Lebreton Flats

1894 versus 2013

Lebreton Flats were first decimated by the Great Fire of 1900.  Then, sixty years later, the National Capital Commission, the NCC, expropriated and demolished all the buildings in that area in order to make room for some grandiose development.

Lebreton Flats remained empty for more than 50 years after the expropriation.

The counter-argument mentioned over and over again to justify (mainly after the fact) the NCC massive expropriations is the level of soil contamination at Lebreton Flats. Let’s look at this a bit more closely. The expropriation took place in 1962, but it is only in 2012 that they finally decided to spend the 5 million dollars (roughly 2% of their annual budget) to “scrap off” the top soil and be done with this. If soil contamination was the number one reason why they had to wipe out any sign of life on the Flats for over 50 years, one would think they would have acted sooner. Beside that the knowledge about armful elements and components were almost non-existing in the 1940s when the Gréber plan was elaborated so it is highly unlikely they weighted that in when the plan was written.

The irony is that Lebreton Flats got even more contaminated after the expropriation since it was used as a snow dump for decades after being forcibly vacated. Soil contamination has broad shoulders when it comes to justify mistakes of the past, or for developers to get extra money from the city.

The truth and the matter is that, regardless of the propaganda posters the NCC put up in front of the War Museum, the working-class and light-industrial neighbourhood that were Lebreton Flats did not fit in the future plans for a glorified National Capital Region that was laid out by Gréber in 1950. The expropriation took place but the implementation fell short partly because of the governance structure of the NCC where numerous people of its board don’t even reside in Ottawa. A younger, local and more interested board’s members would be beneficial for Ottawa and the NCC itself. But we digress here…

We definitely see a brighter future for Lebreton Flats, but the wide thoroughfares such as the 9 lane Wellington Boulevard and the 7-lane Albert Street (recently built) that dissect the area had considerably lowered our expectations to have the thriving and exciting neighbourhood they keep promising. There are no two ways about it: you either make it pleasant for cars or for humans. It is a known fact that the streets layout will dictate the kind of neighbourhood you will get. Road medians and left turning lanes only call for traffic fluidity, not pedestrian security or thriving area.

1962
2015
Former light industrial building at the corner of Lloyd and railway tracks.
Former light industrial building at the corner of Lloyd and railway tracks.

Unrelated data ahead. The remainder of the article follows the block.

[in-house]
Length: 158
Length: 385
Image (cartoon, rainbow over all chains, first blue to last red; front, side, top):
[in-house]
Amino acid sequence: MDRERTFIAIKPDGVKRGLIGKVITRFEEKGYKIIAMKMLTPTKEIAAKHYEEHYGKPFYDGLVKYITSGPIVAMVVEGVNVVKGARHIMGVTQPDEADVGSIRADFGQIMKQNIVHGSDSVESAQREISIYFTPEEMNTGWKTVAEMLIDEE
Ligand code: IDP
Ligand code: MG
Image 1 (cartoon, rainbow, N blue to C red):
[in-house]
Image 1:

sources
City of Ottawa
Title: Untitled. Reference number: CA021017
We gave it a
-5
The NCC expropriated and let Lebreton Flats sits empty for 50 years.
Visitors's vote
-3.4
77 votes
Vote here
  • -5
  • -3
  • 0
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better
now
better
before
The former light industrial building occupied the whole street block formed by Lloyd Street, Booth Street, Wellington Street and the train tracks.After a 50 year hiatus, the workers are now back at Lebreton Flats on that exact same location to build the Pimisi station of Ottawa's new LRT system....
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1962
2015
598 Wellington Street at Lebreton Flats.
598 Wellington Street at Lebreton Flats.
sources
City of Ottawa
Title: Untitled. Reference number: CA021040
We gave it a
-5
The NCC expropriated and let Lebreton Flats sits empty for 50 years.
Visitors's vote
-4.0
61 votes
Vote here
  • -5
  • -3
  • 0
  • +3
  • +5
better
now
better
before
The archival photo shows the 598 Wellington Street with all of its architectural details....
1962
2015
The 90 Booth Street in Lebreton Flats, Ottawa in 1962
The 90 Booth Street in Lebreton Flats, Ottawa in 1962
sources
City of Ottawa
Title: Untitled. Reference number: CA020950
We gave it a
-5
The NCC expropriated and let Lebreton Flats sits empty for 50 years.
Visitors's vote
+0.1
77 votes
Vote here
  • -5
  • -3
  • 0
  • +3
  • +5
better
now
better
before
The 90 Booth Street was located at the corner of Booth Street and Oregon Street. It was located more or less where the Canadian War Museum is nowadays.  The 2015 photos gives a nice preview of what the big heads at the NCC have for the Flats:  roads as wide as rivers and...
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1962
2015
The 643 Wellington Street in Lebreton Flats in Ottawa in 1962
The 643 Wellington Street in Lebreton Flats in Ottawa in 1962
sources
City of Ottawa
Title: Untitled. Reference number: CA021019
We gave it a
-5
The NCC expropriated and let Lebreton Flats sits empty for 50 years.
Visitors's vote
-4.0
77 votes
Vote here
  • -5
  • -3
  • 0
  • +3
  • +5
better
now
better
before
Former building at the corner of Wellington Street and Lloyd Street.Lloyd Street has been wiped off the map for several decades.  It had been reintroduced a few years ago as phase 2 of the redevelopment of the Eastern part of Lebreton Flats has been started by Claridge.  That being said, Lloyd...
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